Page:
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How to maximise your tax-free earnings

Paystream News

David McManus

Thursday 24th May, 2018

The 2018-19 tax year is now well underway and so there's never been a better time to consider the various tax allowances and reliefs you potentially have access to.

£11,850 personal allowance

The personal allowance is how much you can earn per year without being charged any tax. Everyone receives a personal allowance of £11,850 for 2018-19 (up from £11,500 in 2017-18).

Earnings above this are charged at either 20% 40% or 45% depending on your other income (or 19%, 20%, 21%, 41% or 46% in Scotland).

If you earn more than £100,000, you’ll start to lose the amount of personal allowance you receive by £1 for every £2 over £100,000 you earn.

£2,000 dividend allowance

Your annual dividend allowance for paying tax on dividends at 0% is £2,000 for 2018-19.

If you earn more than £2,000 from dividends, you'll be taxed at either 7.5%, 32.5% or 38.1% based on the rate you pay on your other income.

£6,000 tax-free interest from savings

The savings starter rate allows you to earn income from savings accounts without paying income tax. It applies to people who earn less than £16,850 a year, but only those who earn less than the personal allowance can benefit from the full rate of £5,000. For every £1 you earn above the personal allowance, you lose £1 of savings allowance.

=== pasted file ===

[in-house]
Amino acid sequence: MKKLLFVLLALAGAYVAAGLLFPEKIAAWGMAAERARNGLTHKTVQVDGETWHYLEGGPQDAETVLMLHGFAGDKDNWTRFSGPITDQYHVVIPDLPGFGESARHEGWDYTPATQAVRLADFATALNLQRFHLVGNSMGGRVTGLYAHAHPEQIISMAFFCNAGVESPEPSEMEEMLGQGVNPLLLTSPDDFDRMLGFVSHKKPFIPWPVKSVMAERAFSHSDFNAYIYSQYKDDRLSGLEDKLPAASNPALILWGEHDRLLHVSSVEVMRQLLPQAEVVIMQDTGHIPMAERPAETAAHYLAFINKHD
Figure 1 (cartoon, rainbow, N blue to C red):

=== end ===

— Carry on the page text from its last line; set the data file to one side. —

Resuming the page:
In addition to this, basic-rate taxpayers receive a £1,000 annual savings allowance before any tax is due and higher-rate taxpayers receive £500. Additional- rate taxpayers however don't receive any savings allowance.

£1,190 Marriage Allowance

To qualify for this you must be married or in a civil partnership, one spouse must earn under the Personal Allowance and the other earn less than the higher rate threshold. The lower earning spouse can then transfer 10% of their unused personal allowance to their spouse and their partner then receives a tax credit for this amount which is then deducted from the amount of tax the higher-earning spouse would usually have to pay.

£11,700 capital gains allowance

Capital Gains Tax is due on any profit that you make when you sell an asset such as shares, property or a painting. The annual tax-free capital gains tax allowance for 2018-19 is £11,700, up from £11,300 in 2017-18. Over this the rates are 10% or 20% (18% and 28% for property sales) depending on the rate of tax you usually pay.

£1,000 trading allowance

The trading allowance was introduced from the 2017-18 tax year onwards to allow you to earn up £1,000 per tax year from buying and selling low-value items - for example, selling items on Ebay- without having to declare this income to HMRC.

£1,000 property allowance

Each year, you're allowed to earn up to £1,000 from your property before having to pay tax on your extra earnings. This is often used if you make money from renting out your property in a casual way such as renting your driveway for parking. This can't be claimed in addition to the Rent-a-room allowance.

£7,500 Rent-a-room scheme

Rental income is taxed on your profits, meaning whatever is left over after you deduct any allowable expenses such as cleaning fees, building insurance, etc. If you are renting a room within your property, you can earn up to £7,500 a year through the Rent-a-room scheme without paying any tax on this.

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